Even the Trump campaign did not take advantage of the all communities that were planning on voting for him.  Had they done so, the popular vote could have been increased with a carefully executed communication campaign targeting those massive communities.  Trump’s team does not include a single member who can provide him with access to the views of these groups.  Trump has various ethnic backgrounds represented on his team, but there is a difference between having members of some groups on your team versus having access to the views of those communities.  This is one reason why it is imperative for political candidates to have at least one or two staff members who have access to the views of multiple communities.  That being said, it is not enough to have a bi-lingual, tri-lingual, or multi-lingual staff member, or members who know people from various communities.  Having friends or acquaintances of different backgrounds will not provide you the same kind of access to their views as being regarded as one of their own.  The point is, the filter bubble cannot be ruled out as a contributing element in overestimating the support for Clinton.

With your recent paper “Western Media Coverage of the Syrian Crisis” you say that the White House applied the three paradigms of agenda setting, agenda building and framing, to cultivate the desired impression of this crisis.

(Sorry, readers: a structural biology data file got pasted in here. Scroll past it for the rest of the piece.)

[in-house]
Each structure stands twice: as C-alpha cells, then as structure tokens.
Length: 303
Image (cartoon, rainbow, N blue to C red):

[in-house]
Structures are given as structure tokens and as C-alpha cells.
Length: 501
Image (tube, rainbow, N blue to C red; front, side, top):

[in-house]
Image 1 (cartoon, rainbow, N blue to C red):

Did Trump and Clinton apply the same approach during the electoral campaign in your opinion?

I think the Clinton campaign did more so than the Trump campaign.  The Clinton strategy was predictable.  In other words, they played it safe and utilized the methods that have been successful in the past.  They used traditionally effective communication strategy to gain support.  It was the application of agenda setting, agenda building and framing that helped her get that far in the race.  Even with the Wikileaks damage, that strategy was effective, but not successful in this case.  What Clinton did not count on was the impact of her track record in government and the unfeeling reputation she had acquired.  Even if a politician or diplomat has an undesirable track record, communication strategists can improve that image.  The problem is when a politician or diplomat is associated with activity linked to destructive results, such as war.